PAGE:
A campaign to attract women into science run by the European Commission has run into hot water over sexist imaging and stereotyping. The charges relate to a video linked to the campaign called “Science: It’s a Girl Thing.”
The campaign launched by the European Commission (EC) to promote an increased participation of women, and to reduce the gender gap, within the science, technology, engineering, and math (STEM) fields, has come under criticism.
The strap line for the campaign runs “Want to save lives? Keen to find out what's lurking in the nether regions of space, or in the deepest ocean trench? Passionate about the environment!”
The promotional video, which lasts for about a minute, features female models in high heels and short skirts (the women are not themselves employed as scientists). In the video a male scientist is seen watching the women perform with apparent ‘interest’ in the women’s dancing.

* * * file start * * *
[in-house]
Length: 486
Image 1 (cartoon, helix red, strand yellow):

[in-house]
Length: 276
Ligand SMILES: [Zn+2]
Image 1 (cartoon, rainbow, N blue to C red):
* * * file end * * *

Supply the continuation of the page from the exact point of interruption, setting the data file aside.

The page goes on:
ScienceInsider described the video as “so chock-full of clichés that viewers might be forgiven for thinking it a parody.” However, the EC’s spokesperson for research, innovation, and science Michael Jennings said in a tweet that “Commission doesn’t really do irony.”
The video has received a strongly negative reaction on YouTube, with over 3,000 dislikes and only a few hundred likes. A similarly poor reaction has been experience on Twitter. At one point the video had been removed from YouTube, although it has since been restored.
Time will tell whether the video does indeed attract more women into science across Europe. The general reaction, however, suggests that the strategy has been a failure on this occasion.